Wednesday, 29 December 2010

RESEARCH - Inportant Information About Head Lice

Growth stages of the louse

A few weeks ago a note came home from the local elementary school indicating some pupils had head lice.  Because of this, we ordered some books from the library on the topic to read to Isobel.  One of these was titled "Yikes-Lice!" by Donna Caffey, with illustrations by Patrick Girouard.  The book was published by Albert Whitman & Company in Morton Grove, Illinois in 1998.  The forward is "A Note to Concerned Grownups" and is written by Christine G. Hahn, M. D.

This medical expert says, "People sometimes think that head lice are a sign of uncleanliness, but in fact anyone, no matter how clean, can get them.  They are easily passed by being in close contact with someone, or by sharing combs, brushes, or hats.  Young children have higher rates of head lice infestation than older children and  adults. Children between the ages of 3 and 10 are most likely to get them.  In this age group, boys and girls tend to be at equal risk.  Among teenagers, girls are more often affected than boys.  Several treatments are available in pharmacies, over-the-counter, or by prescription.  Some studies have suggested that lice may be gaining resistance to some of these treatments.  Until research gives us new answers, the best way to deal with lice is to carefully follow the instructions in the lice treatment packages, taking care to thoroughly remove all lice and nits."

Other information provided by the author is as follows:

"The head louse, sometimes called a cootie, lives on the human head.  It is a wingless insect about 1/16 to 1/8 inch long, about the size of a pinhead.  Head lice (the plural of louse) range in colour from light brown to dark brown or black.  They do not live on animals.  A head louse crawls, but it does not hop, jump or fly."

"Lice are usually found nested in hair close to the scalp at the top of the head, behind the ears or at the back of the neck.  They have six legs, with claws used for holding onto hair."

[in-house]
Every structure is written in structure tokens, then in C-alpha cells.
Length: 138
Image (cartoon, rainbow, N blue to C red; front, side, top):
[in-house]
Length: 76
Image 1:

"Lice require blood from the "host," or human being they are living on, in order to survive.  They use their sucking mouth parts to pierce the skin and feed.  If left alone, lice will feed quickly and frequently.  Without a meal they cannot live more than one or two days."

"The female louse can lay 3 to 6 eggs per day - about 50 to 150 in her lifetime.  The eggs, called nits, are very small (about 1/32 of an inch in length), oval-shaped and grayish-white.  The female attaches the nits to the hair with a gummy substance."

"It takes seven to ten days for a nit to hatch and the young louse, or nymph to emerge.  Soon the nymphs mature into adults.  Then the female can lay eggs of her own.  Most lice live about a month, long enough to have many children and grandchildren."

"Itching is caused by the feeding louse who punctures the skin, injects saliva and then sucks blood.  However, you can have lice and not itch."

"Although they will not hurt you, head lice can be very aggravating.  They do not cause other diseases, but if you scratch too much and break the skin, an infection can develop."

"You will need help to check yourself for head lice.  Lean forward under a good light.   The "checker" can use a comb with a tail to part and lift the hair.  He or she should begin at the back of the neck and proceed to each side, lifting the hair in small sections all over the head.  Most lice and nits can be seen with the naked eye, but a magnifying glass may be helpful.  (Be sure everyone's hands and all the equipment are washed after the examination.)" 

"To make sure that lice are completely gone, everything that was exposed must be thoroughly cleaned.  Personal items such as combs, brushes, and hair accessories must be soaked in very hot (but not boiling) water for 20 minutes.  Clothing, linens and towels should be washed with hot, soapy water and completely dried in the clothes dryer using the hot cycle.  Non-washable items, such as some stuffed animals, pillows, bedspreads, bike helmets, and headsets with foam ear pieces should be dry-cleaned or placed in an airtight plastic bag for two weeks."

"Because lice can live from one to two days away from a person, sofas, chairs, mattresses, carpets and car upholstery should be thoroughly vacuumed.  Throw the vacuum bag away."

"You do not need to spray the house with insecticide.  Remember that lice don't live long away from people and you do not want to expose yourself to unnecessary chemicals."

"Often people get lice in schools or camps or anywhere they are in close contact.  It helps if you do not share your combs, brushes, hats, helmets, headsets, or clothes.  If you do get lice, you should tell your teachers and friends so they can be checked.  You should be checked again every day for two weeks and regularly after that."

"It's not your fault if you get head lice - anyone can!  According to historians, head lice have been around for 9,000 years.  They have been found on people of all races all over the world, no matter where they are living or how clean they are."  

... So, tell me... are you itchy yet?!   If not, take a closer look at the photograph and you soon will be!

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